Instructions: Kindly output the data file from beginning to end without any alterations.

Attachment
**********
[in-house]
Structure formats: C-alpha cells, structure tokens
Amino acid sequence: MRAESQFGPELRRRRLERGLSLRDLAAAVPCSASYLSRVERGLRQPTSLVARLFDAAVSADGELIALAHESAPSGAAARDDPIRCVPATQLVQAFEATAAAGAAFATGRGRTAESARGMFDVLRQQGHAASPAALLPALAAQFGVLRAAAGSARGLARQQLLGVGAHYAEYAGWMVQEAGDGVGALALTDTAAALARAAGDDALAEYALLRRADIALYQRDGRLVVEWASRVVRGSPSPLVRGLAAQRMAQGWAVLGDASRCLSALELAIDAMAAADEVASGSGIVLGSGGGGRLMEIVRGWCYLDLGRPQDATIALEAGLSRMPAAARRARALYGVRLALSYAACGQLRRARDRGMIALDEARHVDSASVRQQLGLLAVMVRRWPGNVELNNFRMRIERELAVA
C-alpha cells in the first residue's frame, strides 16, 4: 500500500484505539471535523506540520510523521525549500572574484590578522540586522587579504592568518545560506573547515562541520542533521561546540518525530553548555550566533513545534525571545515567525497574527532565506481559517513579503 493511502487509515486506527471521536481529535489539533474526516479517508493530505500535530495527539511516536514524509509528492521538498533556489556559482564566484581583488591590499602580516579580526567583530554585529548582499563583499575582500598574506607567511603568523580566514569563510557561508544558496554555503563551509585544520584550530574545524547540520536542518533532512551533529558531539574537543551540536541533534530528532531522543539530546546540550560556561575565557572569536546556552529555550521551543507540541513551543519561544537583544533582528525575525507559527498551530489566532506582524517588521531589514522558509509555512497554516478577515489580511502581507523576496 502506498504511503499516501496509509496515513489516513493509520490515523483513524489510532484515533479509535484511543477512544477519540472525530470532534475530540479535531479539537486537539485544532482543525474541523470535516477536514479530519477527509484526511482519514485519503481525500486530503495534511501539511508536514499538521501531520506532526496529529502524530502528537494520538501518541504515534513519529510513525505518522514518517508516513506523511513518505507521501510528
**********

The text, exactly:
[in-house]
Structure formats: C-alpha cells, structure tokens
Amino acid sequence: MRAESQFGPELRRRRLERGLSLRDLAAAVPCSASYLSRVERGLRQPTSLVARLFDAAVSADGELIALAHESAPSGAAARDDPIRCVPATQLVQAFEATAAAGAAFATGRGRTAESARGMFDVLRQQGHAASPAALLPALAAQFGVLRAAAGSARGLARQQLLGVGAHYAEYAGWMVQEAGDGVGALALTDTAAALARAAGDDALAEYALLRRADIALYQRDGRLVVEWASRVVRGSPSPLVRGLAAQRMAQGWAVLGDASRCLSALELAIDAMAAADEVASGSGIVLGSGGGGRLMEIVRGWCYLDLGRPQDATIALEAGLSRMPAAARRARALYGVRLALSYAACGQLRRARDRGMIALDEARHVDSASVRQQLGLLAVMVRRWPGNVELNNFRMRIERELAVA
C-alpha cells in the first residue's frame, strides 16, 4: 500500500484505539471535523506540520510523521525549500572574484590578522540586522587579504592568518545560506573547515562541520542533521561546540518525530553548555550566533513545534525571545515567525497574527532565506481559517513579503 493511502487509515486506527471521536481529535489539533474526516479517508493530505500535530495527539511516536514524509509528492521538498533556489556559482564566484581583488591590499602580516579580526567583530554585529548582499563583499575582500598574506607567511603568523580566514569563510557561508544558496554555503563551509585544520584550530574545524547540520536542518533532512551533529558531539574537543551540536541533534530528532531522543539530546546540550560556561575565557572569536546556552529555550521551543507540541513551543519561544537583544533582528525575525507559527498551530489566532506582524517588521531589514522558509509555512497554516478577515489580511502581507523576496 502506498504511503499516501496509509496515513489516513493509520490515523483513524489510532484515533479509535484511543477512544477519540472525530470532534475530540479535531479539537486537539485544532482543525474541523470535516477536514479530519477527509484526511482519514485519503481525500486530503495534511501539511508536514499538521501531520506532526496529529502524530502528537494520538501518541504515534513519529510513525505518522514518517508516513506523511513518505507521501510528